But what about the claim to know this is true above all other beliefs? Even if the internal logic of the Christian system holds, how can we know that Jesus is the only way? I am mean, we all know Muslims and Buddhists who are more devoted and pious to their faith than many Christians.
When people are asking us how we can know we are the only one’s right, they are recognizing, in a humble way, that being genuine about our beliefs doesn’t make them true, that there is no way to adjudicate or prove one religion or opinion is more right than others. After all faith is not the same as science and so we can’t just do an experiment and say, “We’re right, you’re wrong, end of story.” So our claim to exclusivity seems arrogant and indicative of close-mindedness and rigidity that causes so much conflict. What do we say? How do we shepherd?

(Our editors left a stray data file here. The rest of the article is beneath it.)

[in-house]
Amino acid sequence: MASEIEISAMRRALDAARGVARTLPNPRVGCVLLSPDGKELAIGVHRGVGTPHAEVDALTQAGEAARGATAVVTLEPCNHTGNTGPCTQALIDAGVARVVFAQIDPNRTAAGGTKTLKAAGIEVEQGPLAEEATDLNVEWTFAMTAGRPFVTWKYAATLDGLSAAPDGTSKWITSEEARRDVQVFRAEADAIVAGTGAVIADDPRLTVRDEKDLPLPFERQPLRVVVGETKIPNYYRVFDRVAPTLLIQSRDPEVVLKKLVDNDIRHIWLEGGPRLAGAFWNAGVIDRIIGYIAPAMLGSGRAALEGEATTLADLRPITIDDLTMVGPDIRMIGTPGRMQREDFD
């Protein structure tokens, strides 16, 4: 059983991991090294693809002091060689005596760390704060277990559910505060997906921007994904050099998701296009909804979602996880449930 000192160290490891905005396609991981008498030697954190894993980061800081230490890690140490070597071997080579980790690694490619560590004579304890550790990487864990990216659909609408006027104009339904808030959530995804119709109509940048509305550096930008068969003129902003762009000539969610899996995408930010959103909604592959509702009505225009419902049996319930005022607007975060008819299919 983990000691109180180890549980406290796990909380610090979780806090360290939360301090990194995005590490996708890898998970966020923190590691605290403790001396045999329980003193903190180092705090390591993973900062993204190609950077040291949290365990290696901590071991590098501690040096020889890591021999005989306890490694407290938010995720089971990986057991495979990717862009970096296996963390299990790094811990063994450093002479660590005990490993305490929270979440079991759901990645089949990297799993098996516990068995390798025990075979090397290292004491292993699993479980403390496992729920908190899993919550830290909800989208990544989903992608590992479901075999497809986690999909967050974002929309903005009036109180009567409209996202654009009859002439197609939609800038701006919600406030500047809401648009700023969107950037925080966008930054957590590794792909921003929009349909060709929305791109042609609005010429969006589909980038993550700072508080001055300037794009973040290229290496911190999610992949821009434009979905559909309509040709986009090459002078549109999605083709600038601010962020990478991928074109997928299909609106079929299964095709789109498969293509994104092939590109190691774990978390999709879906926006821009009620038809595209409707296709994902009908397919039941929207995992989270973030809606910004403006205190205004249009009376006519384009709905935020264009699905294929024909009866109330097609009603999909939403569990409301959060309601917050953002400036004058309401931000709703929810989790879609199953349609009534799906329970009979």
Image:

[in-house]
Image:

What people are really asking here is often, “how can you be certain?” And certainty is a tricky concept because there are various ways we accept things to be certain or not. From Descartes to Derrida, philosophers have struggled with this idea. For example, can I be certain my wife loves me? Yes. Is it the same certainty as science? No. But does that make it less certain? Not really. And lest we think science is the most certain thing, Descartes and Derrida show us, philosophically, how that might not be true either. Even if we say we can’t be certain about anything, we at least know we can be certain that we cannot be certain; and that’s certainly problematic.
Perhaps a better word than certainty is assurance. Can you be assured Jesus is the only way? This seems to me the more accurate picture of certainty in the Bible, when the word “certain” didn’t have the scientific rationalism and foundationalism that came with the Enlightenment. To that question the Bible says, “yes!” Jesus offers assurance of salvation (Jn 20:21, Heb. 11:1). And Christians, though they doubt at times as they live in the pluralistic landscape, can still have assurance.